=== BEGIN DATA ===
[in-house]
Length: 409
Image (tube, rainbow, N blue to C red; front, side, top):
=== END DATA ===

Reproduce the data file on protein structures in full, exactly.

[in-house]
Length: 409
Image (tube, rainbow, N blue to C red; front, side, top):